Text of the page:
I think I’d be twenty-one again. I’d get to vote for the first time and legally drink for a change. That was my senior year in college. During second semester, every Friday, we had a happy hour beginning at noon, a couple of hours before our last class of the day, and ending in the late afternoon at a bar owned by a friend’s family. It was always elbow to elbow with people, most of them my classmates. We were enjoying our last times together after four years of closeness. That was also the year I was whacked in the head with a sign which said in capital letters DECIDE. I had to plan my future. That was a bit scary so I hedged my bets. I applied to law school, interviewed for a teaching job and applied to Peace Corps, my first and only choice. The rest were back-ups just in case. All three came through, but I accepted Peace Corps, something I had wanted for so long. I remember the day the mailman brought my special delivery acceptance letter. It was in January. I was elated. Life was scary and life was crazy when I was twenty-one.

“Weekends don’t count unless you spend them doing something completely pointless.”

May 11, 2013

The morning is damp and cloudy, and every now and then it rains a bit then stops. The whole day is supposed to be like that: a bit rainy, but I don’t mind. I have laundry to do, a bed to change and a book to read. It’s Killing Lincoln by Bill O’Reilly who’s not a favorite of mine but the book so far has been interesting.

I can hear lawn mowers: a Saturday sound ever since I was little. Now, though, it’s the gas mower and not the click clack of blades. Also missing is the sound of voices, of men talking to one another across lawns.  Mowing was traditionally a man’s job. Women worked inside the house except when hanging laundry and men worked outside. The yard was my father’s realm.

Saturday has always been my favorite day of the week. When I was a kid, it meant no early bedtime on Friday, a matinée in the afternoon during the fall and winter and staying up late until I was tired. This time of year it was a day to roam, to ride bikes, to have no destination in mind and no real plans. Saturday was spontaneous. When I was older, in high school, Saturday meant sleeping late, and Saturday night was reserved for friends. We’d go bowling or to a movie or just hang around together. My friend Tommy would invite us over his house, and his mother would make us pizza, great homemade pizza. When Bobby got his license and a car, we’d go to the drive-in, all of us. I remember laughing a lot.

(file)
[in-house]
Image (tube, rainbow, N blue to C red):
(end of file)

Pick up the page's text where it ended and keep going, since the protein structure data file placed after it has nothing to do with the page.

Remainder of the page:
College was a whole different set of friends and Saturday was party night. Sometimes we’d go to a hockey game and sometimes we’d party before but we always partied after. I remember going for breakfast around two or three in the morning at a local hole in the wall diner. Those were the best eggs I ever tasted. I’d get to bed around four.

When I was in Ghana, Saturday was sometimes go to market day and sometimes it was go see a really old movie outside at the Hotel d’Bull, like a drive-in without the car. Saturday was chore day for the students. They did their laundry and worked  around the school compound, but on Saturday night they had entertainment. Tribal dancing was one of my favorites. Usually Bill and I would roam all over to see the dancers. Peg usually stayed with the baby. Other nights we’d see a movie or a play completion or a singing competition among the houses.  It was, in its own way, a special day.

When I taught, Saturday was grocery shopping day and clean the house day, but it was still the best day of the week. I got to sleep late and I usually needed it. Friday was happy hour day, a day to celebrate the end of the work week, and Saturday was the day to recuperate from all that celebrating. Most Saturday nights I was busy with friends, sometimes we’d see a movie or just hang around together.

Now I joke that every day is Saturday, but there are still a few hold-over traditions. When it gets warmer, Saturday will be movie on the deck night. I love that. It’s like a return to the matinée days but without getting hit by a JuJu bead or having a flashlight shined in my eyes.